Newspaper article The Canadian Press

Editorial Exchange: The NDP's Death-Wish

Newspaper article The Canadian Press

Editorial Exchange: The NDP's Death-Wish

Article excerpt

Editorial Exchange: The NDP's death-wish

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An editorial from the Waterloo Region Record, published April 12:

If you were startled by the sound of a big bang coming from the west Sunday afternoon, don't worry. It was just the federal NDP blowing itself up.

Not only did the party's explosive convention in Edmonton leave the New Democrats bereft of a leader, it left them without either purpose, platform or identify.

Today, thanks to that gathering of political demolitions experts, the only thing this party can agree upon is that poor Thomas Mulcair is no longer fit to lead it. Never before had the head of a federal party failed to surpass the 50-per-cent support threshold in a leadership review. But then New Democrats unsheathed their knives in Edmonton and a stunning 52 per cent of delegates performed the political equivalent of a mugging on their hapless leader.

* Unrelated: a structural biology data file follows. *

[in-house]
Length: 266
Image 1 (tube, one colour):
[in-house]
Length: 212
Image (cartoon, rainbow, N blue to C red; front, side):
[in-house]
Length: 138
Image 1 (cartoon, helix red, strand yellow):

That single act of brutality was about as far as party unity went, with both the NDP's far left from Ontario and its more centrist, pragmatic, western-based wing concurring Mulcair had to go. For those in the former camp, especially the supporters of the radical Leap Manifesto, Mulcair had committed the unforgivable sin of nudging the party to the political centre in last fall's federal election and promising -- heaven forbid -- balanced budgets.

In contrast, those aligned with Alberta Premier Rachel Notley, one of those increasingly rare NDPers who actually governs, turfed Mulcair precisely because he was open to the Leap Manifesto which wants to keep every drop of prairie oil in the ground -- even at the cost of decimating the prairie workforce.

Mulcair couldn't win. And we doubt the federal party can win much now that so many fissures have broken it into pieces.

While Mulcair made a convenient scapegoat, he was a leader with intelligence and integrity who can't be blamed for the NDP's fall from being the Official Opposition to a third-place also-ran in the last election. The party's historic success in the previous 2011 federal election, when it captured 103 seats and overtook the Liberals, resulted from unique circumstances.

The federal Liberals, led by the uninspiring Michael Ignatieff, performed dismally in that race while the NDP established itself as the progressive alternative to the Stephen Harper Tories. …

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